Watching a Meteor Shower With Your Children
This brief article tells parents what to expect when they take their children to see a meteor shower. While meteor-watching can be a fun family outing, it’s important to manage expectations and focus on the quality of the experience rather than on how many shooting stars are seen.
Spending an evening watching for shooting stars with your children sounds like a fun activity — and it can be, if you’re realistic about what you’re likely to see and manage your children’s (and your own) expectations accordingly.
- The best time to look for shooting stars is on a clear, moonless night during one of the major annual meteor showers. The most reliable showers include:
- The Lyrids, which begin around April 16 and continue through April 26….the Perseids….and the Geminids…
- The best time for meteor-watching is between midnight and dawn…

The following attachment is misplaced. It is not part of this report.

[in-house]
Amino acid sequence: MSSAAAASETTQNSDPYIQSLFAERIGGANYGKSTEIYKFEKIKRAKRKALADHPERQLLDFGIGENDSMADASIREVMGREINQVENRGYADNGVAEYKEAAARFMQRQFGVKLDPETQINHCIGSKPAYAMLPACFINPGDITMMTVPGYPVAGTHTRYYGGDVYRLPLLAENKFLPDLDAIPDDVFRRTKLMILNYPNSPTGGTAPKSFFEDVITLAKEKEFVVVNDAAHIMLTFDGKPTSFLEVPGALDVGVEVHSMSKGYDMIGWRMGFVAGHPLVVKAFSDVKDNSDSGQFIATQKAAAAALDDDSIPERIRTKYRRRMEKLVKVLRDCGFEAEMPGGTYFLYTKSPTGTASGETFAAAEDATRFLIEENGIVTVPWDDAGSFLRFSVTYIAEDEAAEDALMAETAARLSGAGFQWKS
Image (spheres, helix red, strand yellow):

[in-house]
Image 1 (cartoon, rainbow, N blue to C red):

- You’ll increase your chances of seeing meteors if you’re away from city and suburban lights…
- The best position for meteor watching is lying down….
- Don’t expect to see a shower of stars…
- Don’t place too much importance on seeing a shooting star…. Focus on the experience and the quality of the time you’re spending together instead. If you approach it with the right attitude, meteor-spotting could become a special activity that you and your children enjoy over and over again across many years.
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